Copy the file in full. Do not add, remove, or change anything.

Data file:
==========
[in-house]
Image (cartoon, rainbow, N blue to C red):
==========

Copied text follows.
[in-house]
Image (cartoon, rainbow, N blue to C red):